Submitted to: Journal of Economic Entomology
Publication Type: Peer Reviewed Journal
Publication Acceptance Date: 3/22/2006
Publication Date: 8/9/2006
Citation: Narayandas, G., Alyokhin, A., Alford, R., Weber, D.C., Dickens, J.C. 2006. "response of potato aphid (homoptera: aphididae) to natural potato odor and synthetic potato-derived colorado potato beetle kairomone". Journal of Economic Entomology. 99:1203-1208. Interpretive Summary: Insect attractants and repellants can be useful to manage a wide variety of insect pests in the field. However, those odors which are attractant to one pest may be repellant or have no effect on other insect pests. We tested a formulation of plant-derived volatile chemicals (odors) found to be attractant to the major potato pest, Colorado potato beetle. This mixture could be helpful in concentrating populations of this pest in the field so that they would remain away from valuable crop plantings in the field. However, the potato aphid and related species are also important as potato pests, including in the transmission of potato viruses, which can reduce yield and spread through planting stock. Our objective with this study was to determine if aphids would be attracted, repelled, or neither, in response to the attractant mixture directed at the Colorado potato beetle. Although the mixture was repellant in lab studies, this effect was not significant in the field. Our conclusion is that this formulation, when used to manage Colorado potato beetle, will be expected to have no significant effect on potato aphids in the field. These findings will be helpful for researchers and pest managers in designing better management strategies for potato pests.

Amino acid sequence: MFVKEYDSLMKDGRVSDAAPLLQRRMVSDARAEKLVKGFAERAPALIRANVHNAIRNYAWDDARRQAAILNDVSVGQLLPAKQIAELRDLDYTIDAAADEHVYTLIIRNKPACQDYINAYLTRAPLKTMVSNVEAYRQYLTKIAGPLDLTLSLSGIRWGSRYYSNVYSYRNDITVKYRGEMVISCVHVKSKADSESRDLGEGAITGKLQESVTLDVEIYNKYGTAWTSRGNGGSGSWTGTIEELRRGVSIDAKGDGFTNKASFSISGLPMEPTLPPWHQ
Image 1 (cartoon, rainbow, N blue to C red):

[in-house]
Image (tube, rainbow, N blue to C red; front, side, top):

Technical Abstract: A recently synthesized kairomone blend, based on the volatiles produced by potato plants, has been demonstrated to be attractive to both adult and larval stages of the Colorado potato beetle, Leptinotarsa decemlineata (Say). It was subsequently formulated in a viscous inert carrier for field applications, and showed potential for aggregating beetles in treated areas of the field. We investigated effects of this kairomone formulation on the potato aphid, Macrosiphum euphorbiae (Thomas). The response of both winged and wingless adults of the potato aphid, M. euphorbiae, to natural potato foliage odor and synthetic kairomone odor was tested in a Y-tube olfactometer. Aphid response to untreated potato foliage, foliage treated with the kairomone blend, and foliage treated with blank inert carrier was also tested in Petri dishes. In addition, aphid densities on field plots treated with kairomone and blank inert carrier were compared with the control plots. The odor of potato foliage was found to be attractive to wingless potato aphids but not for the winged ones. The synthetic Colorado potato beetle kairomone odor was not attractive to aphids. In Petri dishes, aphids avoided leaflets treated with both kairomone formulation and its blank carrier. There was no statistical difference between treatments compared in the field.